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Non-Emergency Medical Transportation

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Non-Emergency Medical Transportation (NEMT)[edit]

Also known as Non-Emergency Patient Transport Services (PTS) in the United Kingdom, this private transportation method refers to a ride hailing service provided to patients that for some reason are not able to attend their medical appointments, lab tests or ambulatory surgeries. Depending on patient's specific needs, this service could be provided on special vehicles driven by trained drivers.

According to United States Centers for Medicaid & Medicaid Services (CMS) people who are eligible for Medicaid benefits may or not qualify for NEMT services. To qualify, States may require that there be an unmet transportation need[1].Depending on State law, a qualifying unmet need can include:

  • Not having a valid driver’s license;
  • Not having a working vehicle available in the household;
  • Being unable to travel or wait for services alone; or
  • Having a physical, cognitive, mental, or developmental limitation

The service can be provided in different vehicles that may or not haven been customized for patients. These vehicles include stretcher cars, vans, taxis and buses.

There are different NEMT models that can be used by Medicaid agencies to provide NEMT:

  • In-house management;
  • Managed Care Organizations (MCO);
  • Brokers;
  • Mixed models

Based on the patient's medical profile, NEMT services can be provided on different levels:

  • Curb-to-Curb. For passengers with light or no physical disabilities, that are able to walk to and from the vehicle;
  • Door-to-Door. For those who may require some basic assistance to get from their home over to the vehicle, and then form the vehicle over to their destination;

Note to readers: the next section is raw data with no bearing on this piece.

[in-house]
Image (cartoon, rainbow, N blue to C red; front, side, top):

• Hand-to-Hand. For patients with mild-severe mental disabilities who need to be always in contact with a person that may help them;
  • Bed-to-Bed. for patients with severe physical disabilities that require help during the whole transportation process.


A 2005 analysis made by the Transportation Research Board stated that nearly 4 million Americans miss or delay medical care each year because they lack transportation[2]. As a critic activity, NEMT services accounts for under 1% of healthcare spending in the United States.

By delaying or missing medical appointments, patients' medical conditions may worse, incurring in further expenses that can severely affect household's financial status.


This article "Non-Emergency Medical Transportation" is from Wikipedia. The list of its authors can be seen in its historical and/or the page Edithistory:Non-Emergency Medical Transportation. Articles copied from Draft Namespace on Wikipedia could be seen on the Draft Namespace of Wikipedia and not main one.

  1. SSA, ORDP. "State plans for medical assistance". Retrieved 2021-04-10.
  2. Mull, Hillary J (January 1, 2005). "Access to Health Care and Nonemergency Medical Transportation: Two Missing Links". Research Gate. Unknown parameter |url-status= ignored (help)